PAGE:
This weekend's Tudor heroine is, literally, the grandmother of them all--Lady Margaret Beaufort, Countess of Richmond and Derby (May 31, 1443--June 29, 1509). Margaret was born at Bletsoe Castle in Bedfordshire, the daughter of John Beaufort, first Duke of Somerset, and his wife Margaret. Through her father she was the great-granddaughter of John of Gaunt, first Duke of Lancaster and his mistress and eventual third wife Katherine Swynford. Following their marriage, their children (the Beauforts) were legitimized with one condition--their descendants were barred from ever inheriting the throne.
Margaret's father died when she was 2, and at the age of 6 her wardship was obtained by the Duke of Suffolk who betrothed her to his 7-year-old son and heir. But when Suffolk was executed soon after, the match was dissolved by Henry VI (her second cousin), who married her to his half-brother Edmond Tudor (eldest son of the king's mother Dowager Queen Catherine, widow of Henry V, by her second husband Owen Tudor. Catherine was French, the daughter of Charles VI). Margaret and Edmond were married on November 1, 1455, and he died the following year, leaving his 13-year-old widow 7 months pregnant.
Margaret and Edmond's son Henry thus had lots of royal blood, but no real legal claim to the throne. The widowed Margaret moved with her infant to Pembroke, where she was living whenn the wars between Lancaster and York broke out, and they stayed there until the Yorkist victories in 1461. She returned to court, but after the battle of Tewkesbury she sent Henry (the hope of the Lancasters) to Brittany.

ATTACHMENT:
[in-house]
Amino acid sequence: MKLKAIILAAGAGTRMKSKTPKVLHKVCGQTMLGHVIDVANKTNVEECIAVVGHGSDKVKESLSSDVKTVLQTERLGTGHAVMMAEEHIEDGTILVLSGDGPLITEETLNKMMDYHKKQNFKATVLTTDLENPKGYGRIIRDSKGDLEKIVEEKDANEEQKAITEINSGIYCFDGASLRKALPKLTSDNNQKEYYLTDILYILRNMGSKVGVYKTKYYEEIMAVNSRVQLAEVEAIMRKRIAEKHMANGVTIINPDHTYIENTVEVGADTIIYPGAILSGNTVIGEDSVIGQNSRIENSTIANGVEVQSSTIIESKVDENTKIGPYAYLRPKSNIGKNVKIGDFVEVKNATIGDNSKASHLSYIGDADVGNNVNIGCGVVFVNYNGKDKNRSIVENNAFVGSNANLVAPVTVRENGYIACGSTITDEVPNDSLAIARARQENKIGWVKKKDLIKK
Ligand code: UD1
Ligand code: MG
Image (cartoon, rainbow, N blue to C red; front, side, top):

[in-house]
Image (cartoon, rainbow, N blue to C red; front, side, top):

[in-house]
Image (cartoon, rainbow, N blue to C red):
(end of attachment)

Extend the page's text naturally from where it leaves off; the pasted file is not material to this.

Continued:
Margaret married twice more, to Sir Henry Stafford (1447-1471) and Thomas Stanley, Earl of Derby, but she never had more children after the ordeal of giving birth at age 13. But she was always busy. No sooner had Henry gone to France that she set to conspiring against Richard III with Dowager Queen Consort Elizabeth Woodville (whose sons, the two young princes, disappeared in the Tower. They were helped by the fact that Thomas Stanley, Lord High Constable, had a son who was also held captive by King Richard. After the battle of Bosworth Field and Richard's death, Stanley placed the crown on his stepson's head.
Margaret was now styled "My Lady the King's Mother" at court, but she didn't like having a lower status than the dowager queen and her new daughter-in-law, Elizabeth of York. She always wore robes of the same sumptuous quality as the new queen and walked only a half-pace behind her. She became known for her strong character as well as her education and piety, and her son was said to be devoted to her.
In 1497 she announced her intention to build a free school for the public at Wimborne, Dorset. It came into being as Wimborne Grammar School (now known as Queen Elizabeth's School) after her death in 1509. In 1502, she established the Lady Margaret's Professorship of Divinity at Cambridge. In 1505, she refounded and enlarged God's House, Cambridge, as Christ's College with a royal charter from her son the King, and she's been honored ever since as Foundress of the College. Lady Margaret Hall, the first women's college at Oxford, was named in her honor. She took vows of religion in 1504 but continued to live out of a nunnery (though she founded several).
On the death of Henry VII, she was named as regent for her grandson Henry VIII, who was considered too young to reign on his own (even though he immediately married Katherine of Aragon and set about organizing his court with her). The regency was short-lived, as Margaret died on June 29, 1509 at the Deanery of Westminster Abbey, just two months after her son's death. She is buried in a black marble tomb with a gilded effigy and canopy, between the graves of William and Mary and the lavish tomb of Mary Queen of Scots (her great-great granddaughter).
For more information, I like Michael K. Jones' The King's Mother: Lady Margaret Beaufort Countess of Richmond and Derby
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